Tom Schuetz’s father taught him to have an excellent work ethic, but he was born with an itch for new ideas. Always watching for what’s coming around the bend—both in technology and in his career—Schuetz grabs hold of every good opportunity and squeezes it for all the knowledge, experience, and adventure it’s worth. It is his motivation to seek out the next challenge that has propelled him through more than twenty-five years of developing game-changing IT systems for a variety of retail companies.
As a programmer and analyst for Macy’s, Schuetz modified the credit card system to enable the department store to accept Visa and MasterCard. At MAY Department Stores, he consolidated data centers and introduced standardized IT systems for all eight operating companies to reduce costs and bring operational consistency. And after a stint with Deloitte Consulting (ICS) in its SAP Retail practice, Schuetz found his way back to department stores.
He arrived this time by way of National Realty and Development Corporation Equity Partners (NRDC) acquisition of Lord and Taylor as part of the Macy’s and MAY Department Stores merger. Bringing his experience full circle, Schuetz separated Lord and Taylor’s systems from Macy’s and set up a data center and development team—call it value through creative destruction. Then NRDC acquired Hudson, and it was time again to consolidate data centers and software across the two operating companies for efficiencies.
In 2001, Schuetz got a call from the then-CEO of Sunglass Hut who asked him to interview for an IT leadership role at Luxottica Group, a leader in premium, luxury, and sports eyewear. It seemed that his experience in system development and transformation made him a great candidate, and after a six-month interview process, Luxottica offered him the position of chief technology officer instead—a brand new position with a major change imperative: the global outsourcing of data centers to Hewlett Packard. Schuetz’s first responsibility would be to help consolidate all of Luxottica’s data centers in the Americas and Australia to Hewlett Packard data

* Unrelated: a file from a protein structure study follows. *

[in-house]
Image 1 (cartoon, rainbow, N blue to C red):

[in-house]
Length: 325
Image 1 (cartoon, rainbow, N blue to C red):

centers in Atlanta, Georgia.
LUXOTTICA’S VISION QUEST
In 1988, Luxottica founded OneSight, a charity that has since provided eye care to more than nine million people in forty-one different countries. “We hold more than a hundred local city events in North America annually, and between twelve and fourteen global missions,” says Schuetz, who went to Thailand with OneSight in 2013.
OneSight teams see more than 1,000 people during global missions. They greet patients, perform exams, scan retinas, fetch prescriptions, and fit patients with new spectacles. “The most gratifying feeling comes when you put glasses on a child who can then see clearly for the first time in their life,” Schuetz says. “It’s humbling and provides a renewed perspective of what it means to give back to the community.”
Luxottica Group is a truly global company with approximately 7,000 optical and sun retail stores in North America, Asia-Pacific, China, South Africa, Latin America, and Europe. With a global wholesale network involving 130 different countries, it posted net sales of more than €7.6 billion in 2014. Its house brands include Ray-Ban, Oakley, Vogue, Persol, Oliver Peoples, Alan Mikli, and Arnette, as well as other licensed brands such as Giorgio Armani, Bulgari, Burberry, Chanel, and more. Luxottica also manages leading retail chains in major markets, including LensCrafters, Pearle Vision, and ILORI in North America, OPSM and Laubman and Pank in Asia-Pacific, LensCrafters in China, GMO in Latin America, and Sunglass Hut worldwide.